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Jacques F. Vallée

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Jacques F. Vallée


Born
in Pontoise, Val-d'Oise, France
September 24, 1939


Excerpted from wikipedia: Jacques Fabrice Vallée (born September 24, 1939 in Pontoise, Val-d'Oise, France) is a venture capitalist, computer scientist, author, ufologist and former astronomer currently residing in San Francisco, California.
In mainstream science, Vallée is notable for co-developing the first computerized mapping of Mars for NASA and for his work at SRI International in creating ARPANET, a precursor to the modern Internet. Vallée is also an important figure in the study of unidentified flying objects (UFOs), first noted for a defense of the scientific legitimacy of the extraterrestrial hypothesis and later for promoting the interdimensional hypothesis.
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Average rating: 4.1 · 4,251 ratings · 385 reviews · 53 distinct worksSimilar authors
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Dimensions: A Casebook of A...

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Messengers of Deception: UF...

4.21 avg rating — 324 ratings — published 1979 — 8 editions
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Confrontations: A Scientist...

4.31 avg rating — 266 ratings — published 1990 — 8 editions
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The Invisible College

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Trinity: The Best-Kept Secret

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Revelations

4.29 avg rating — 232 ratings — published 1991 — 11 editions
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Wonders in the Sky: Unexpla...

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3.91 avg rating — 207 ratings — published 2010 — 5 editions
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Forbidden Science: Journals...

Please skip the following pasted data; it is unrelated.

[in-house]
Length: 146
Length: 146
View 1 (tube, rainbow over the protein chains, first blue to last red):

4.26 avg rating — 85 ratings — published 1993 — 6 editions
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UFO's in Space: Anatomy of ...

really liked it 4.00 avg rating — 55 ratings — published 1965 — 8 editions
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More books by Jacques F. Vallée…
Quotes by Jacques F. Vallée  (?)
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“Whenever a set of unusual circumstances is presented , it is in the nature of the human mind to analyze it until a rational pattern is encountered at some level . But it is quite conceivable that nature should present us with circumstances so deeply organized that our observational and logical errors would entirely mask the pattern to be identified . To the [ genuine ] scientist there is nothing new here .”
Jacques Vallée

“Today there are still students of the phenomenon who reject the notion that the UFO phenomenon was reported before 1947.”
Jacques F. Vallée, Passport to Magonia: From Folklore to Flying Saucers

“Let us come to the point now. It would be nice to hold on to the common belief that the UFOs are craft from a superior space-civilization, because this is a hypothesis science fiction has made widely acceptable, and because we are not altogether unprepared, scientifically and even, perhaps, militarily, to deal with such visitors. Unfortunately, however, the theory that flying saucers are material objects from outer space manned by a race originating on some other planet is not a complete answer. However strong the current belief in saucers from space, it cannot be stronger than the Celtic faith in the elves and the fairies, or the medieval belief in lutins, or the fear throughout the Christian lands, in the first centuries of our era, of demons and satyrs and fauns. Certainly, it cannot be stronger than the faith that inspired the writers of the Bible—a faith rooted in daily experiences with angelic visitation.”
Jacques F. Vallée, Passport to Magonia: From Folklore to Flying Saucers

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